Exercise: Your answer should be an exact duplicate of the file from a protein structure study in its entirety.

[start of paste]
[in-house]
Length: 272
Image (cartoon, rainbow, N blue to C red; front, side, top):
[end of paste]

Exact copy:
[in-house]
Length: 272
Image (cartoon, rainbow, N blue to C red; front, side, top):